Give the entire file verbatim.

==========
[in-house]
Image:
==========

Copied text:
[in-house]
Image: